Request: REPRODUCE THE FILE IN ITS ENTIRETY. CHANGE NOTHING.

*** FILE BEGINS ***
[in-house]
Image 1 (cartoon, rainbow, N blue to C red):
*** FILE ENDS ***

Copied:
[in-house]
Image 1 (cartoon, rainbow, N blue to C red):